Posts Tagged With: hairstyle

Roots and wings

Yesterday was a beautiful experience for me as well as for one of my clients, Parvathi, and she couldn’t withhold much of her excitement. So, i begged her to put her delighted thoughts into the words that i so enjoyed reading, and now hope you will too:

“I have vivid memories of all the fuss my mother used to create over hair care – I think it is the typical South Indian household thing. .

It was a standard but consistent routine : Oil, comb and plait your hair twice a day – plait tied with a black ribbon at the end and folded back up with a pretty bow behind the ears; oil bath once a week washed away with home-ground soap nut powder or besan (oil was carefully prepared with a variety of ingredients and heated up – dried leaves of hibiscus, curry leaves, henna). I wonder how she managed to do this for two girls, with all the responsibilities of being a daughter-in-law in a joint family and in an era that did not know much kitchen equipments.

I must say the investment paid off – I had thick, jet black hair that touched my hips and could not be held in a single hand. My mother used to mutter in agony with a back ache while washing my hair – that will add to the force she applied and my crying session would ensue. On oil bath days , blood red eyes and a headache in the evening were the norm for me – with hair so thick near the scalp it will not dry till the evening. But that did not stop the ritual in any way.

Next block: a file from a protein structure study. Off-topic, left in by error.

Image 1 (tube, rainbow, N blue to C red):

During my teenage days, I remember the new additions – Keshavardhini and Neeli bringadhi oil. When I stayed in a hostel during my college days, the weekly, sky-blue inland letter from my mother will have two standard advises in the last paragraph; “Eat well and eat on time” and “Don’t forget to take oil baths every week”. And I did – I remember the relaxed Sundays in the hostel room with friends, thick hair washed, dried and tied together in a plait.

Cutting your hair, styling it were taboo for girls in my household. Leaving it untied would be met with raised eye brows from the grandmother. Being the rebel that I was, I was the first one to trim my hair and leave it open when I started work (why spend so much time and effort just to tie up the beautiful hair, was my logical question). It was nothing less than a scandal when I trimmed my hair one inch.

So my hair – thick, beautiful and tied up – became my identity. Other than the occasional wash and blow dry I never experimented with my hair style and had reservations about it too, part of the upbringing and deep rooted practices.